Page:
With Middle Eastern mobs making war on the United States, Barack Obama and Mitt Romney are declaring a trade war on China in the hopes that crude and economically illiterate attacks on Beijing will play big in the swing states — attacking Canton (Guangzhou) for the benefit of Canton (Ohio). Economically destructive political opportunism is of course precisely what we expect of the Obama administration, but we expect more from Romney.
Romney has been attempting to get some mileage out of claims that the president has been soft on Chinese trade shenanigans, and Obama has responded in character by using executive powers for political purposes, in this case by filing a new action against China in the World Trade Organization and escalating a previous action. Romney rightly called that a campaign stunt, and then reiterated his promise to surpass it with a stunt of his own: labeling China a “currency manipulator” and imposing economic sanctions. China had a response, too, filing a WTO complaint of its own against U.S. “anti-dumping” rules that it regards as unfair trade restrictions.
China is run by a cabal of decrepit tyrants who do in fact seek to exploit trade barriers to the benefit of the Chinese economy; that much is undeniable. But both Romney and Obama grossly exaggerate the impact of Chinese maneuvering as a way to escape confronting the much deeper and more serious challenges facing our economy. When the U.S. economy was booming in the late 1990s, China was a trade miscreant. When the economy was percolating along decently in the early millennial years, China was a trade miscreant. And when the U.S. economy tanked in 2008–09, China was a trade miscreant. Chances are very good that whatever the state of the U.S. economy in 2013, China is going to be a trade miscreant. That is a problem, but it is not a headline problem or even a top-25 problem.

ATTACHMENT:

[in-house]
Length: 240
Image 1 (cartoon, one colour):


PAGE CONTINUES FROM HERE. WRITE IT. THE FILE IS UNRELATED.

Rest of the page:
The integration of global markets means that U.S. workers and businesses will face increased competition from overseas rivals, and this is especially difficult for relatively low-skilled workers and for those enterprises that seek advantages from employing them. That is a fact of economic life that will persist independently of any policy pursued or not pursued by the junta in Beijing. U.S. firms have lost out to more competitive enterprises based in low-wage countries such as China and India, but also to businesses in high-wage countries such as Germany and Canada. The portion of our economic troubles that can be blamed on Chinese wiles rather than brute economic realities is small if not trivial.
If we may be so gauche as to introduce some relevant facts into the political discussion, China is if anything today a less active currency manipulator than it has been at any time in recent decades. The renminbi, though it remains artificially devalued, has appreciated some 23 percent against the dollar since 2005. Beijing has been allowing the renminbi to appreciate not in response to pressure from Washington but because the Chinese authorities want their currency to play a more important role in international commerce, and even dream of the day in which it replaces the dollar as the preferred global reserve currency.
Because the renminbi remains a tightly managed currency, accounts and contracts in such key global commodities as oil are rarely if ever negotiated or settled in it; the world prefers the dollar, and the renminbi is not even within striking distance of such also-rans as the euro or yen. China has been slowly but steadily relaxing its foreign-exchange controls to accommodate its desire to play a more important role in the world economy. Which is to say, Romney is angrily demanding that China please the United States by doing what China already is doing for its own reasons. He should learn to take “yes” for an answer.